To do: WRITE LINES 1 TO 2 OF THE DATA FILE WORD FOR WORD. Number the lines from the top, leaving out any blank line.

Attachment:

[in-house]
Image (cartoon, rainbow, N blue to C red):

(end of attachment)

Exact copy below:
[in-house]
Image (cartoon, rainbow, N blue to C red):